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Research: Let Your Fingers Stroll Down Yellow Pages' Listings


OK, let's turn now to our social science correspondent Shankar Vedantam, who joins us to talk about a job you definitely cannot do by telecommuting - plumbing.


GREENE: Right?

VEDANTAM: That's exactly right, David. This is new work by an economist, Ryan McDevitt, at Duke University, and he analyzed plumbing firms that offer services in Illinois a few years ago. And he finds that especially in the city of Chicago, a whopping 15 percent of companies choose names that start with lots of A's or with a number.

GREENE: Like AAA Amazingly Awesome Plumbing Services or something to probably get higher up in the phone book.

VEDANTAM: That's exactly right. So the reason these companies choose these names is that it ends up being alphabetically listed first in the Yellow Pages. And there's a psychological phenomenon called a primacy effect. We talked about it some time ago on the show. It basically suggests that when you have a list, people are more likely to pay attention to the first thing than things that are lower down. So, of course, when it comes to these plumbing companies, you're more likely to be drawn to a name that's at the top of these lists, which is why these companies are choosing those names. McDevitt analyzes the ratings of these companies in terms of consumer complaints filed with the Better Business Bureau. And he finds that firms whose names start with the later A or with a number are generally likely both to charge more money and receive more complaints than firms that have other names.

GREENE: What? That's kind of crazy.

VEDANTAM: It is kind of crazy. Now one possibility, of course, is that these companies just have more volume of business, and that's why they're receiving more complaints. McDevitt controls for this. One of the things he does is he analyzes the ratings that these companies get on services such as Yelp or Checkbook, and he finds again that companies whose names start with the letter A are systematically likely to get lower ratings than companies that start with other names.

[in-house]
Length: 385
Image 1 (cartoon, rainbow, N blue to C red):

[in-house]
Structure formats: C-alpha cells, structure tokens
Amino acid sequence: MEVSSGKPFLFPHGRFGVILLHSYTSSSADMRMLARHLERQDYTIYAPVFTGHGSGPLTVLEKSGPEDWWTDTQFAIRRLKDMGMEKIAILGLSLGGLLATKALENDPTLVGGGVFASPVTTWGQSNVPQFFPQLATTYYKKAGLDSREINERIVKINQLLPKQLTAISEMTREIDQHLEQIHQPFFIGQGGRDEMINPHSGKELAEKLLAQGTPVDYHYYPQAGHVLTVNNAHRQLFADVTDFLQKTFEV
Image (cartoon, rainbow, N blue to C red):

GREENE: So why would starting with the letter A or possibly wanting to be at the top of the phone book list - why would that lead to a different kind of service or charging more?

VEDANTAM: Well, McDevitt thinks that it goes back to really how this primacy effect works. If you have a relatively minor plumbing job or you're a relatively lackadaisical homeowner, you're not going to spend a lot of time researching who the best plumber is for the job. You just go to the Yellow Pages, and you pick a company that's essentially at the top of the list. The plumbing companies, in some ways, are exploiting the fact that many customers think like this. And for these companies, the customers are not someone with whom they're trying to build a long-term relationship. They're planning to go in, do a quick job. They're able to get away with charging a higher price, and as McDevitt is finding, their service might be more problematic.

GREENE: But fewer and fewer people are using the phone book these days, right? I mean, they're Googling and searching online. Does that mean this problem goes away?

VEDANTAM: Yeah, you know, that's a really interesting question, David. You would think that as the Yellow Pages go away, this problem would go away. But McDevitt actually finds that companies that also advertise more on Google so they pop up when you do Google searches for plumbing - these are also companies that likely to receive more complaints and lower ratings from customers.

GREENE: Modern version of the same problem.

VEDANTAM: Exactly.

GREENE: Thanks, Shankar.

VEDANTAM: Thank you, David. Transcript provided by NPR, Copyright NPR.

Shankar Vedantam is the host and creator of Hidden Brain. The Hidden Brain podcast receives more than three million downloads per week. The Hidden Brain radio show is distributed by NPR and featured on nearly 400 public radio stations around the United States.